The UK electricity market

The UK will no longer be able to trade with the European Union in the way it does today and there will be changes to the legal and regulatory framework, including the approach to monitoring the market.

UK market participants will need to register under the Regulation on Energy Market Integrity and Transparency (REMIT) with an EU regulatory authority for the purposes of market monitoring to avoid disruption. The majority of the existing REMIT regime will be maintained in Great Britain with minimal changes. Ofgem published an open letter with steps for market participants in Great Britain to take.

Alternative trading arrangements across gas and electricity interconnectors will need to be developed. The UK government, Ofgem and where appropriate, the Northern Ireland Utility Regulator, are working to ensure new access rules are approved in Great Britain and are providing support to interconnectors engaging with EU member state authorities. Market participants will need to make use of the alternative arrangements developed for purchase and sale of power cross-border.

Read further guidance on trading electricity from 1 January 2021.

The Single Electricity Market in Northern Ireland

We expect the Single Electricity Market (SEM) to continue to operate as it does today. The government will take all possible measures to maintain the Single Electricity Market and continue to work with the Irish Government and European Commission to seek agreement that the Single Electricity Market will continue. Northern Ireland electricity market participants should continue using the Single Electricity Market processes and arrangements. However, market participants should be aware of the risk that the Single Electricity Market may not be able to continue, in which case government and the Northern Ireland Utility Regulator will take action to seek to ensure continued security of supply and market stability.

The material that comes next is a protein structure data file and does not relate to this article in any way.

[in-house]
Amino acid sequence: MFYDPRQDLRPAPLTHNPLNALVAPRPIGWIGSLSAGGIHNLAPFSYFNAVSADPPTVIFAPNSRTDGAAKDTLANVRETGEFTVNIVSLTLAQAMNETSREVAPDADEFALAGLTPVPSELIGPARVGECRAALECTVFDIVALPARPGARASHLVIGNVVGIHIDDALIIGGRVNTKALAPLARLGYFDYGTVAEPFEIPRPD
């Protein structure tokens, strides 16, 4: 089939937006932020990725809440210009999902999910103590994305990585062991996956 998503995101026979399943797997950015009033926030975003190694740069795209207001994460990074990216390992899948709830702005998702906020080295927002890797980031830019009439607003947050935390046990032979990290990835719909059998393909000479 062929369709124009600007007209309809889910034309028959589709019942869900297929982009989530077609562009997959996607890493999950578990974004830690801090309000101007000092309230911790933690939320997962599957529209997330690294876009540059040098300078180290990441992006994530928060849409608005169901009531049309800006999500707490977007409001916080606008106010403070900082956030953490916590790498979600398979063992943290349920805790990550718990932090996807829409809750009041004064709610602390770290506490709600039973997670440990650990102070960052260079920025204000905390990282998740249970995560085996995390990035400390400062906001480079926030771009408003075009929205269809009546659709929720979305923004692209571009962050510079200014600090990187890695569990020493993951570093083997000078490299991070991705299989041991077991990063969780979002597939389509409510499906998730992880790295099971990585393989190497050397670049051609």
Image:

A new UK domestic nuclear safeguards regime will come into force. It will be run by the Office for Nuclear Regulation (ONR), which already regulates nuclear safety and nuclear security in the UK. If you are an operator in the UK civil nuclear sector, you will need to comply with this. These requirements are set out in the Nuclear Safeguards Regulations, which will be administered by ONR and published on its website.

The UK would also cease to be a member of the Euratom Research & Training Programme of Fusion for Energy. This would mean that UK organisations could no longer bid for International Thermonuclear Experimental Reactor contracts through Fusion for Energy.

In November 2018 the ITER Council confirmed that:

  • the contracts of current UK nationals directly employed by the ITER organisation will be considered valid until their contractually agreed end date
  • signed contracts/agreements with UK operators (including private companies, institutes and universities) will be considered valid until their contractually agreed end date

If you wish to continue to import nuclear material from the EU, you will need to get an import licence.

You may also need to seek re-approval from the Euratom Supply Agency for supply contracts for nuclear material, depending on when the contract was, or is due to be, concluded.

More information is available in the guidance on civil nuclear regulation guidance.

Oil stocking

UK oil stocks will no longer count towards EU obligations. You may need to consider purchasing tickets from EU countries to meet UK oil stocking obligations.

Guarantees of Origin, trading, importing and exporting, and standards

Renewable Guarantees of Origin and Guarantees of Origin for combined heat and power issued in EU countries will continue to be recognised in the UK from 1 January 2021.

However, UK-issued Renewable Guarantees of Origin and Guarantees of Origin for combined heat and power will no longer be recognised in the EU. If an existing contract with an EU countries’ electricity supplier or trader requires an EU-recognised Guarantee of Origin, it is possible that the contract could be compromised. This is a highly unlikely situation, but you may wish to check your existing contracts regardless.

Published 6 February 2019